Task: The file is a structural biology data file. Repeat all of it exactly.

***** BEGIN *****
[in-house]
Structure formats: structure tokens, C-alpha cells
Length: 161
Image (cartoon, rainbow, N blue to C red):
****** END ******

[in-house]
Structure formats: structure tokens, C-alpha cells
Length: 161
Image (cartoon, rainbow, N blue to C red):